First Look: 2012 Tesla Model S Surfaces
Boasting sleek lines, a spacious interior, a choice of range-enhancing battery packs and a pricetag barely half of the original Tesla Roadster, the 2012 Tesla Model S luxury plug-in sedan has finally arrived, at least in prototype form. Revealed in Hawthorne, California inside of the SpaceX rocket factory that's also owned by Tesla's head man Elon Musk, the Model S is due to go into production in late 2011. It's now set to sticker at $57,400 but will be eligible for a $7,500 federal income tax credit.
Styled by ex-Mazda styling ace Franz von Holzhausen, the Model S has an aggressively elegant flair that recalls current Jaguar and Aston-Martin offerings, but brings its own unique grille treatment and also incorporates a full panoramic roof. Big 21-inch wheels match with relatively short overhangs to further accentuate the athletic stance of this zero-emissions sedan. Inside, the Model S provides formal seating for five with an option to add a pair of rear-facing fold-down kid perches that can occupy the otherwise huge glassed-in trunk. A 17-inch center touch-screen display links all of the car's on-board electronic systems into a highly-customizable matrix and incorporates both 3G wireless Internet and HD/satellite radio into the mix. In keeping with its fundamentally green character, the Italian leather upholstery in the Model S uses a chrome-free vegetable tanning process to bring out its suppleness.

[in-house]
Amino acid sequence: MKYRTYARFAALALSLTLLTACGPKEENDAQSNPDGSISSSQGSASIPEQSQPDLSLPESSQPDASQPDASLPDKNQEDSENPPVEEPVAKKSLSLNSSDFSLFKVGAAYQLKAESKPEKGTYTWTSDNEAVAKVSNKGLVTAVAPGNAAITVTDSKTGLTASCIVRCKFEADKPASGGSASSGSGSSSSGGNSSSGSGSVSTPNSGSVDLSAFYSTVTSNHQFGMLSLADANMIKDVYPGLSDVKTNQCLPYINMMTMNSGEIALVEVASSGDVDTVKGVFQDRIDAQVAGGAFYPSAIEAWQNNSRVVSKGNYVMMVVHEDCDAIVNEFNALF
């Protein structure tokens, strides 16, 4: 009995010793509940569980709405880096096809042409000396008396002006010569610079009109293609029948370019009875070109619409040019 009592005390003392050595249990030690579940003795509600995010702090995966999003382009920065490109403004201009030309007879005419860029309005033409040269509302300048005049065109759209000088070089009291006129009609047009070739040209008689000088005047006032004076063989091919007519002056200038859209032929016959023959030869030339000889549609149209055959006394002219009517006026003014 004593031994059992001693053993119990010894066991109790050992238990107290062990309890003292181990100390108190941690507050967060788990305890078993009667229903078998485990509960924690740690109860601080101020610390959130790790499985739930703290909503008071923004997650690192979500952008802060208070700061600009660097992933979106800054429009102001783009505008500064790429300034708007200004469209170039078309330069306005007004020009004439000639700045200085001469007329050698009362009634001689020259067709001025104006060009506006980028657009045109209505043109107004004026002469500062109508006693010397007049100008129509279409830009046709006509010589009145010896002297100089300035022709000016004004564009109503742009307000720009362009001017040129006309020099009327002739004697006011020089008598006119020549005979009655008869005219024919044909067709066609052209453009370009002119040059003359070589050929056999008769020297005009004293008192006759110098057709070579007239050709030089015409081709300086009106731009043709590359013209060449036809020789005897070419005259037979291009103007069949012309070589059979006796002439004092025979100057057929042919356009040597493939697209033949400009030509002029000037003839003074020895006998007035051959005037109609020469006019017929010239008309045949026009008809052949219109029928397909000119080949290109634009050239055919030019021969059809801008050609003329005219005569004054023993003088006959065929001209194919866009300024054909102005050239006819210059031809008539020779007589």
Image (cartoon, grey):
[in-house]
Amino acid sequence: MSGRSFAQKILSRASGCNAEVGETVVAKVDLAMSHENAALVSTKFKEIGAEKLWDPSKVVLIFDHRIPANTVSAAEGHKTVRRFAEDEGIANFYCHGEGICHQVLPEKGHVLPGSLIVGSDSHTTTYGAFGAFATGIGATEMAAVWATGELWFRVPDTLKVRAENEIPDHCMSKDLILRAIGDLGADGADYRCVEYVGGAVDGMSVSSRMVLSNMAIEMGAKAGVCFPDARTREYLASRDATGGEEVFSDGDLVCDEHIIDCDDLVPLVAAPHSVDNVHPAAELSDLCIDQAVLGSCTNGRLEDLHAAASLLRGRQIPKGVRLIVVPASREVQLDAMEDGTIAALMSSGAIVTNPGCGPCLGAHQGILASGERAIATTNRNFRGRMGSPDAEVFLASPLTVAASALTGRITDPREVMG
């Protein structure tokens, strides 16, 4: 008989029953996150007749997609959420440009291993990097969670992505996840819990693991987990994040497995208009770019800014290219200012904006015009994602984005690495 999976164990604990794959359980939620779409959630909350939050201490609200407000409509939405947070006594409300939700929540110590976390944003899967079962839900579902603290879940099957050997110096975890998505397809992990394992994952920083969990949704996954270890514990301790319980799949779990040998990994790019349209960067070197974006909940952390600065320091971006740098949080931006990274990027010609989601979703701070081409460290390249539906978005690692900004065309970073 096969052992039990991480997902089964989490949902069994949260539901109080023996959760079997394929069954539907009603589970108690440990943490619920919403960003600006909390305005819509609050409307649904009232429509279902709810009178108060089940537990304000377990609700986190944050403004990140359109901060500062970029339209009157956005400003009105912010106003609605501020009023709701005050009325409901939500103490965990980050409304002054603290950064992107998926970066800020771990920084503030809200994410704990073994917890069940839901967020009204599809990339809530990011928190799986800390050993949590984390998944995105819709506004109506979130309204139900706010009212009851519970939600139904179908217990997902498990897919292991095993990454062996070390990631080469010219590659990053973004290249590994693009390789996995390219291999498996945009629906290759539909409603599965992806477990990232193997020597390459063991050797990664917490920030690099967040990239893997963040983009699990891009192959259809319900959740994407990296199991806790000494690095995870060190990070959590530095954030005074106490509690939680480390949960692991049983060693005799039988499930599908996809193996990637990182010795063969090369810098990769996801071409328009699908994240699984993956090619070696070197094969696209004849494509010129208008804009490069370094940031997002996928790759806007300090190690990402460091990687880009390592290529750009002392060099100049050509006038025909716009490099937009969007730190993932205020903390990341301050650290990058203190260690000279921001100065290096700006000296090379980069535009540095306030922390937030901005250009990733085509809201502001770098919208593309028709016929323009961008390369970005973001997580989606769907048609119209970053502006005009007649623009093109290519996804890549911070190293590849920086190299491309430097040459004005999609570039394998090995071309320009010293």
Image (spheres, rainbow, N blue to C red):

Like its Roadster cousin, the 3,825-pound Model S promises to deliver scintillating performance. Musk pegs the 0-60 mph time of a base vehicle at under six seconds and says the top speed will be electronically limited to 130 mph with future Sport variants being even quicker and faster. Big Brembo anti-lock brakes will handle the stopping chores in all models. Buyers will be able to choose between three different Lithium-ion battery packs that offer ranges of 160, 220 and 300 miles. All three can be replenished via the car's on-board charger using 120, 240 or 480 volt circuits. At the maximum juice jolt, a full recharge will take roughly 45 minutes. The design also will accommodate a complete battery swap-out in five minutes. An all-wheel drive package is also under development.
For all its ambition, the ultimate fate of the Model S is still somewhat contingent the approval of Tesla's petition for a $350 million federal loan from Department of Energy's Advanced Technology Vehicle Manufacturing Loan Program. However, Musk is confident that the money, which is earmarked to build a dedicated assembly plant somewhere in Southern California, will arrive shortly. Tesla, which has already build and delivered over 300 Roadsters, anticipates turning out some 20,000 units per year after this new facility achieves its full capacity sometime in 2012. Currently the Roadster is assembled by Lotus Cars at its plant in Hethel, England.